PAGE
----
Mapping to client locations based on the amount of investment

WWT started with consolidating geographic data of client's current assets. WWT was provided geographic information on the tens of thousands of data entries from before, and the team aligned these data from different sources into a universal, analyzable form. WWT team then drafted a prototype interactive tool for one of the client's major markets. The prototype tool laid out the client's existing asset locations, along with the locations and details on the different customer types. The prototype also contained a draft algorithm using Google Maps API to calculate construction opportunities from the list of customers to the client's current assets to expand business opportunities. The results were plotted on the map, along with the client's current assets and customer locations, overlayed on an option of different street map choices (omitted in the screenshot), and shown to the client.

Last mile decisions made by data visualization

The client was excited about the interactive tool, and WWT aligned with the client team on how to best deliver the bonus ask, enabling the client to maximize their value with the most efficient investment. WWT then expanded this effort to map out all major markets and optimized the algorithm with buildout calculations to improve accuracy. The final deliverable to the client is a web-based interactive tool with checkboxes to show different layers to explore different opportunities. WWT team has added color and icon differentiated designs to differentiate customer types and added dollar-figure adjustment tools to allow for exploration of buildout scenarios with different dollar amounts. The improved algorithm also allows for "stacking" of routes when multiple customer locations are in the vicinity, to reduce repetitive builds in simulating real-world scenarios. Finally, the WWT team also added a choropleth map layer to highlight the best buildout areas based on potential revenue.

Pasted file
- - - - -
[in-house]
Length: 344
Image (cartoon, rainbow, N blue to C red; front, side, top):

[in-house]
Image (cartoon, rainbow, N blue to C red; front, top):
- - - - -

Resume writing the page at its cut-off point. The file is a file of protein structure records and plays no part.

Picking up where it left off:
To finalize the message, the WWT team also delivered a data summary slide capturing the best investment situations in all the major markets, highlighting the financial benefit of each of the scenarios. This allows for the recommendation of the best constructions to make, and the interactive map allows for the exploration of customization based on the best recommendation.